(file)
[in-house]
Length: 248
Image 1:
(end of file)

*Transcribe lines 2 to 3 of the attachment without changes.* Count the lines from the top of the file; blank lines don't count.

Length: 248
Image 1: